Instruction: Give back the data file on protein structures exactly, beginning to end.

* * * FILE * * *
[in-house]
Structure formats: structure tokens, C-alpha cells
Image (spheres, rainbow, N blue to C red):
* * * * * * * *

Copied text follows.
[in-house]
Structure formats: structure tokens, C-alpha cells
Image (spheres, rainbow, N blue to C red):